Wednesday, February 4, 2015

Here's the Administration's latest answer to overcrowding in jails:

Release illegal aliens from jails and make room for US Citizens   
(If it wasn't true, it would be hilarious)

Ben Ferro

benferro@insideins.com

US Govt. Tells Agents To ID Immigrants Not To Deport

 By ALICIA A. CALDWELL, Associated Press

WASHINGTON (AP) — The Obama administration has ordered federal agents to ask immigrants they encounter living in the U.S. illegally whether they might qualify under President Barack Obama's plans to avoid deporting them, according to internal training materials obtained by The Associated Press.

Agents also have been told to review government files to identify any jailed immigrants they might be able to release under the program.

The moves comes after Obama announced in November a program to allow roughly 4 million parents of U.S. citizens and legal permanent residents to apply for permission to stay in the country for up to three years and get a work permit. The program mirrors one announced in 2012 that provides protection from deportation for young immigrants brought to the U.S. as children.

The new directives from the Homeland Security Department mark an unusual change for U.S. immigration enforcement, placing the obligation on the government for identifying immigrants who might qualify for lenient treatment. Previously, it was the responsibility of immigrants or their lawyers to assert that they might qualify under rules that could keep them out of jail and inside the United States.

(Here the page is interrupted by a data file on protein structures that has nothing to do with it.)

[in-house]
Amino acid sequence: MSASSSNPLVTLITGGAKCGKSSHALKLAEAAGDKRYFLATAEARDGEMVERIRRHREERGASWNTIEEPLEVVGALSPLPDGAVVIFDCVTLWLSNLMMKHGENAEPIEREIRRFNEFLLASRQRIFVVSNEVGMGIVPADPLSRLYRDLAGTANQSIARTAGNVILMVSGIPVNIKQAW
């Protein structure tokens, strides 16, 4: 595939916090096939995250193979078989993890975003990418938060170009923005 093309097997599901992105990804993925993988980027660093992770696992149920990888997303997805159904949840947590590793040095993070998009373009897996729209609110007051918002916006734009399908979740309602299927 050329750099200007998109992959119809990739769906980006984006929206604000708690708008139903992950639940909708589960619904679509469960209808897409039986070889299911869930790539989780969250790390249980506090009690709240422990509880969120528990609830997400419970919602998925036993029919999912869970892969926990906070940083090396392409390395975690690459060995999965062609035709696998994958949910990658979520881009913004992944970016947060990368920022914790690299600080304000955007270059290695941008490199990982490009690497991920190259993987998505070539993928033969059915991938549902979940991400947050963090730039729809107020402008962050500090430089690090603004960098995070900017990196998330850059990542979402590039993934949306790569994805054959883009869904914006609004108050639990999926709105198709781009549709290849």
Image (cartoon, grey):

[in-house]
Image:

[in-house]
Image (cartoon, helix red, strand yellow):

The training materials apply to agents for Customs and Border Protection and Immigration and Customs Enforcement. They instruct agents "to immediately begin identifying persons in their custody, as well as newly encountered persons" who may be eligible for protection from deportation.

One training document includes scenarios describing encounters between agents and immigrants with guidance about how agents should proceed, with a checklist of questions to determine whether immigrants might qualify under the president's plans. ICE officials earlier began releasing immigrants who qualified for leniency from federal immigration jails.

The head of Customs and Border Protection, Commissioner Gil Kerlikowske said having his agents ask questions about whether an immigrant might qualify for leniency upfront saves time and money and "let's us use our resources, particularly the Border Patrol, for the people who are going to be at the highest level."

Democratic Rep. Luis Gutierrez, a vocal supporter of Obama's immigration plans, said having CBP officers screen immigrants out of the deportation line lets the government "move criminals and recent arrivals to the front of the deportation line. The emphasis now is on who should be deported first, not just who can be deported."

Under Obama's plans, the government is focused on deporting immigrants with serious criminal records or who otherwise pose a threat to national security or public safety. For the most part, under the new policy, immigrants whose only offense is being in the country without permission aren't supposed to be a priority for immigration officers.

While the administration has estimated that as many as 4 million people will be eligible for protection from deportation, the Congressional Budget Office estimated about 2 million to 2.5 million immigrants are expected to be approved for the program by 2017. As many as 1.7 million young immigrants were estimated to be eligible for the Deferred Action for Childhood Arrivals program, but since its 2012 creation only about 610,000 people have successfully signed up.

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Associated Press writer Christopher Sherman in Mexico City contributed to this report.